The Pennsylvania general power of attorney form allows a principal to designate certain financial powers to a representative (attorney-in-fact). This type of form does not remain in effect if the principal becomes incapacitated; for a more long-term arrangement, one can complete the durable power of attorney form. The principal should take time to consider their options for a representative. An attorney-in-fact should be someone close, such as a spouse, relative, or close friend, and someone that will be able to perform all the tasks set forth in the power of attorney document. The attorney-in-fact may be authorized to make important financial decisions such as property negotiations, banking and other business transactions, stocks and investment management, and estate and retirement planning.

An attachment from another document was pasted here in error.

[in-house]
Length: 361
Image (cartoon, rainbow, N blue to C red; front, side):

Signing Requirements – Notary Public and Two (2) Witnesses (§ 5601(b))